It does not take a rocket scientist to know that “love” Jesus’ way is completely counter-cultural and requires an other-worldly approach to thinking. But we still live in this world. Jesus asked, “If you love those who love you, what credit is that to you? For even sinners love those who love them” (Luke 6:32). I have learned that to love someone completely, means to love within biblical boundaries. Here are a few suggestions to help you determine what a healthy boundary looks like when you work with people in the upcoming year.

In their book, Boundaries, Doctor’s Henry Cloud and John Townsend use the words “hurt” and “harm” as definable boundaries to distinguish between healthy and unhealthy boundaries. It is true that Jesus calls us to love, give, and even do so sacrificially. If we took the words of Jesus, “Give to everyone who asks of you,” and literally applied them to every situation that presented itself to us, we would not have enough to care for ourselves and our families. Then we would be guilty of behaving like unbelievers (1 Timothy 5:8).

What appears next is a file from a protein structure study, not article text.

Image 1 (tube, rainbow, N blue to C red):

Over the years, I have found the value of protecting and living with healthy boundaries that empower me to love others. A healthy boundary allows our hearts to be “hurt” by the needs of others, but not “harmed” by them. When we allow “hurts” to cloud sound judgment and react beyond our ability to be responsible, it “harms” us and becomes unhealthy. A healthy love allows itself to be “hurt” by the needs in the world, but it should never allow them to cause “harm” except in times of extreme need and circumstance.

“Learning to love ourselves and others,”

JR Henderson
Pastor of Spiritual Formation